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Idea of ‘heat’ and students’ understanding of earth phenomena
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Paper presented at the International Science Education Conference, Singapore, 24-26 November 2009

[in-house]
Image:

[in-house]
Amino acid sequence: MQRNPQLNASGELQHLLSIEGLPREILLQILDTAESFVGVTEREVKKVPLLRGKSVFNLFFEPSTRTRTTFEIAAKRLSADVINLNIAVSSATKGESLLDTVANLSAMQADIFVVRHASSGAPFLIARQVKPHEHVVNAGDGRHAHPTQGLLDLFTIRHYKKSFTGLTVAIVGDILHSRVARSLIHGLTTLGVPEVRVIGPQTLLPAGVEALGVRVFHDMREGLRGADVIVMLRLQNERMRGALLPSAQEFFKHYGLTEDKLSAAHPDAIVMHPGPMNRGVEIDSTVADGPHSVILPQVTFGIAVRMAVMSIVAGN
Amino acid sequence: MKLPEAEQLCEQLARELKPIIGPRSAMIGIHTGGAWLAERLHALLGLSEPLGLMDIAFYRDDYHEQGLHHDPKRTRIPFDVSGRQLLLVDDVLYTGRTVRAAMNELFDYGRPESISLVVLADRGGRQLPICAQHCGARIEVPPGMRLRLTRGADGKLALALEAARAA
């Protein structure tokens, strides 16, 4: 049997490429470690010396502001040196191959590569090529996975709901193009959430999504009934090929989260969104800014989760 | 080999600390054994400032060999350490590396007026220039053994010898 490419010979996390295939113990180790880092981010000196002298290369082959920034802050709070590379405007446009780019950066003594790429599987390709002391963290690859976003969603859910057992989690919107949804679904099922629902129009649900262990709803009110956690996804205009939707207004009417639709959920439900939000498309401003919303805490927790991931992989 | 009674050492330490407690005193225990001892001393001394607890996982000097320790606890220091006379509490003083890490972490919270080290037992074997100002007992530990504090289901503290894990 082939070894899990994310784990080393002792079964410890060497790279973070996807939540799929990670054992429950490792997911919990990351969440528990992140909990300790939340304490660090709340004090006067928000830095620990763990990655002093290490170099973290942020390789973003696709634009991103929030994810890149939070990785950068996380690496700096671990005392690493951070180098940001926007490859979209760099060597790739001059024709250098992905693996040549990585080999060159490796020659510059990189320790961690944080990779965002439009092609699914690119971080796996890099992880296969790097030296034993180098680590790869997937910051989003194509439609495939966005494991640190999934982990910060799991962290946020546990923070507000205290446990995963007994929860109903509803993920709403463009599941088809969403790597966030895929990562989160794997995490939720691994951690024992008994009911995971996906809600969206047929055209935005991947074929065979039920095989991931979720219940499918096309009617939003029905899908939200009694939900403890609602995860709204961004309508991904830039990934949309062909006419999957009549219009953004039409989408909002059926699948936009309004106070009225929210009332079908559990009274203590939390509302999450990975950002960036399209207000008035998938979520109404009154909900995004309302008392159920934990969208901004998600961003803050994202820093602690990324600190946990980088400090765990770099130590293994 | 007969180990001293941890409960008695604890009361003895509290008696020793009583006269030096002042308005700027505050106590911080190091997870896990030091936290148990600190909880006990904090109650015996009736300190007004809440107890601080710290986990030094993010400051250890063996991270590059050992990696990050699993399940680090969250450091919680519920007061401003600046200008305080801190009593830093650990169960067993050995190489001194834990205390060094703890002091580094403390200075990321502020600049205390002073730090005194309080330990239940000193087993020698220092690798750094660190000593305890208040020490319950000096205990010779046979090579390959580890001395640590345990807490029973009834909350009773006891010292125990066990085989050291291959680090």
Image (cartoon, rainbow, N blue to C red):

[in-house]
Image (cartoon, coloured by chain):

Contrasting to previous studies that focus mainly on discovering students’ misconceptions about earth processes, this study explores the idea of ‘heat’, which emerged in students’ discussion on earth phenomena. It has been noted by many research studies that students’ ideas about natural phenomena are formed through their personal experiences. Students participated in present research also seem to devise their experience of ‘heat’ in their everyday life (e.g. ‘sauna’, ‘boiling water’) to their explanations’ of the Earth’s phenomena. By adopting Gobert (2000)’s protocols on studying students’ conceptions of internal earth dynamics, we tried to classify the ideas about how earthquake occurs and volcano erupts, and to further explore the preconceptions underlying their elaborations on such earth phenomena. This case study begins with a report on the ideas relating to earthquakes and volcanoes by Singapore secondary students (14 and 15 years old). We argue that the idea of ‘heat’ is employed by students to interpret the unobserved internal earth dynamics, which might affect students’ understanding of earth phenomena (e.g., volcano, earthquake).
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